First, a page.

After the early death of Rufin Sudkovsky in 1885, his widow, the former Elena Petrovna Besnard, a prolific Russian illustrator, later married another Ukrainian artist, Mykola Samokish (1860–1944), a selection of whose paintings I show today. Samokish is remarkable for having remained popular and successful in Ukraine and Russia from the 1880s into the Second World War, a period during which so many artists fell foul of one regime or another.
Samokish was born into a Cossack family in Nizhyn, Ukraine, and spent his youth in the town of Nosivka near Chernihiv, in the north-east of the country. He studied at the Imperial Academy of Arts in Saint Petersburg between 1879 and 1885.
In his early career, he painted several hunting scenes, including the painterly Hunters from 1885.
The same year, Samokish travelled to Paris, where he studied under Edouard Detaille, and returned in 1888.
In 1886, he painted A Group of Hunters with Tsar Alexander III and Tsarina Maria Feodorovna on a Fox Hunt, showing the reigning Emperor and Empress. Alexander III lived between 1845-1894, and became emperor in 1881 following his father’s assassination. He remained in power until his death from kidney disease at the age of only 49.
Samokish may have travelled to one of the more Asian parts of the Empire to paint Shia Muslims Commemorate the Martyrdom of Hussein (Ashura) in 1887. Ashura marks the death of Husayn bin Ali, grandson of Muhammad, in the Battle of Karbala in 680 CE. As seen here, Shia Muslims commemorate this in a day of intense mourning, normally in group processions.
In 1888, he visited Tbilisi in Georgia, where he painted sections of a panorama in the city’s museum of military history. On his return, in 1889, he married Elena Sudkovskaya, whose own career as an illustrator flourished. The couple worked together on the illustration of some books, and murals for a railway station in Saint Petersburg.
Samokish specialised in equine and military painting. He painted these breeding Mares of the Novo-Tomnikovsky Stud Farm (1890) in the Tambov region in Russia. This stud farm had been founded in 1859 to supply trotters and thoroughbred saddle-horses. This work secured him recognition as an Academician at the Imperial Academy, where he taught from 1894 and was appointed a professor in 1913.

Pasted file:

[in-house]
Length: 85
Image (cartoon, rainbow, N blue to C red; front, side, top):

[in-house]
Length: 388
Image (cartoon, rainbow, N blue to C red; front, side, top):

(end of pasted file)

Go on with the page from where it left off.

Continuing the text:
Although many of his paintings are Russian, he returned to the land of his birth not infrequently. This watercolour of a Ukrainian Cossack on a Horse, or Haidamak on a Horse from 1899 shows a haidamaka, a Ukrainian insurgent who took part in uprisings against the ruling Polish Empire that governed west Ukraine in the eighteenth century. They were immortalised in an epic poem in 1841 by the father of Ukrainian literature Taras Shevchenko.
In 1904, Samokish was commissioned to paint the Russo-Japanese War for a magazine.
In My Garden from about 1910 is a painterly oil sketch that contrasts with his more public art.
In 1915, at the height of the First World War, Samokish went to the Eastern Front with some of his students from the Imperial Academy and painted scenes from the fighting there.
The First Ones Broke In, a watercolour he painting in 1916, is an example of the more illustrative works he made of battle. Judging by the hats of the horsemen here, they’re both Cossacks who have arrived first on scene during the advance on a town.
Samokish became separated from his wife during the Russian Revolution; she fled to Paris and the couple remained apart. After the Imperial Academy was abolished, he went to live in Crimea, first with the army in Yalta, then in Simferopol, where he taught and organised an art school.
This watercolour sketch of Crimea. Landscape with a Windmill near Yevpatoria from 1919 shows a couple of windmills on a breezy day near this city on the west coast of the Crimean Peninsula.
This undated oil sketch of a Wayside Inn, or Horses at Rest is a good example of the many paintings he made while travelling.
In the East (Speeding Wagon with Eastern Women) is an oil sketch that resembles a watercolour in his handling of paint. It shows another scene in a more eastern part of Russia.
Cossacks in Bakhchysarai is an undated watercolour showing this town in the south of Crimea, which had been a former capital of the Crimean Khanate during the sixteenth century.
This painting of Bohuna at Chernets Monastery, 1635, from 1931, was perhaps destined as a book illustration. I believe it shows what became the Mezhyhirya Savior-Transfiguration Monastery, on the bank of the River Dnipro near Kyiv. This was destroyed by the Soviet authorities in 1935-36 to build accommodation for government officials. This had been a Cossack military monastery, and is mentioned in the poetry of Taras Shevchenko, and in Nikolai Gogol’s novel Taras Bulba.
Aksakal (Horseman against the Wall) is also undated, and shows a male elder and leader of a village in the Caucasus, better-known as an aqsaqal.
In the 1930s, Samokish painted this Summer Street Scene, probably in Simferopol, with its motor truck, open-top car, and contemporary fashions.
In his later years, Samokish worked at the Art Institute in Kharkiv, but returned to Simferopol, where he died in 1944.
Andrey Kurkov and others (2022) Treasures of Ukraine, A Nation’s Cultural Heritage, Thames & Hudson. ISBN 978 0 500 02603 8.
Konstantin Akinsha and others (2022) In the Eye of the Storm, Modernism in Ukraine 1900-1930s, Thames & Hudson. ISBN 978 0 500 29715 5.